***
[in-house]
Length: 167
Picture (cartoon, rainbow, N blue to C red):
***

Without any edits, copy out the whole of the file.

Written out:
[in-house]
Length: 167
Picture (cartoon, rainbow, N blue to C red):